There’s no single episode I can point to with Pertwee’s era that I consider “essential” – in the way that Hartnell’s Unearthly Child Episode 1 or Troughton’s War Games Episode 10 was. There’s a lot of great stuff in Pertwee’s era, but no single “Oh you MUST watch this”. Thing is, I don’t see episodes like that in several other Doctors either, that’s not a slag on Pertwee. The two aforementioned episodes I would recommend to anyone watching Doctor Who. If I was to give someone a Pertwee story to watch as a newcomer, I’d probably go with Frontier in Space, or perhaps Terror of the Autons. Maybe Inferno, too.
Jon seemed to have a lot of “close up” acting – borderline mugging for the camera. It happened a lot. Not that it was bad, but it seemed to happen more than any of his predecessors. It was just something to look for – you knew when there was a dramatic scene, here comes Pertwee’s closeup. :)
I met Jon a few times at conventions in the 80’s. He was always fun – his banter with Patrick Troughton was a particular joy. I also met Jon’s son Sean in 2016, and I had an action figure of his dad with me. He thought that was cute, and we spoke about the 80’s convention circuit. Turns out Sean was at several of the same conventions I was at too, as Jon would bring him with him a lot.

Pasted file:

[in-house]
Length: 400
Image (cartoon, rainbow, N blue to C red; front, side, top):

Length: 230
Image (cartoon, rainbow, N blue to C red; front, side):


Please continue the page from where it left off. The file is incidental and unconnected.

Jon himself returned to Doctor Who in The Five Doctors, where he was one of the main actors, and finally got to fight some Cybermen, something that didn’t happen in any of his stories. Jon played the Doctor in “The Ultimate Adventure”, a Doctor Who stage play in 1989. He also returned in the 1993 special “Dimensions in Time”. His final anything with Doctor Who was a fan special called “Devious” which attempted to bridge the gap between the end of The War Games and the start of Spearhead in Space, showing the actual regeneration from 2 to 3.
Jon died about a week or so before the UK airing of the Paul McGann TV movie in 1996. The show (in the UK) carried a dedication to Jon in its titles.
I’m quite pleased to have gone through his era again. I discovered a lot of stuff I had forgotten about, or overlooked in the past. I’m sad to finish another Doctor in this run, but the next one I’ll be with for quite some time, as there’s more of Jon’s successor than any other.